It’s good to read in the WSJ today that the Metropolitan Opera is about to present a balanced budget for the first time in seven years. Most companies that spent seven years in the red would no longer be with us, but the Met’s a special case.
At least that’s what it tells its artists, expecting them to drop defences and blow their rights away.
The contract that conductors are expected to sign, a copy of which was slipped into my hand on a Soho street pavement, is an absolute killer.
It stipulates: all audio, visual, audiovisual and other material … embodying Conductor’s work and the copyirhgt and renewals…. are exclusively the property of the Met in perpetuity throughout the universe.
What that means is that artists sign their lives away on entering the Met. A conductor who has put together the ideal cast, rehearsed it to perfection and achieved a highlight of his or her life has no further access to the performance, whether the Met decides to issue it or not. The recording could go into some deep vault and never be seen again, but the conductor has no right to exhibit it.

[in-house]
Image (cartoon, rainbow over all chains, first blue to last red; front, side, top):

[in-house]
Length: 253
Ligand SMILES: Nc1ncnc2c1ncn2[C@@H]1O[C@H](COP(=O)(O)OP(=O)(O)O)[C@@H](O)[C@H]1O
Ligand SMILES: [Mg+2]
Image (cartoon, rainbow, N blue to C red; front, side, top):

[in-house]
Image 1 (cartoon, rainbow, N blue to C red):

And there’s more of the same: Conductor waives all rights of ‘droit moral’… The Met shall have the right to use and allow others to use Conductor’s name, likeness and biographical material in any and all media in perpetuity in connection with the rights hereinunder.
The Conductor must obtain a release from any existing record contract in order to perform at the Met.
The Met calls its contract a buyout, agents consider it a sellout. One high-demand conductor has refused to work at the Met in consequence and another, to my knowledge, is quietly pondering his options. Why sign your life away at the Met, when you can get a fair deal in Milan?
Peter Gelb may have to back down on this. James Levine has undergone another bout of surgical treatment (I hear), Fabio Luisi has scorned the succession and the podium is wide open. This is not a good time to offend the top conductors. Mr Gelb needs to bend on this one. Fast.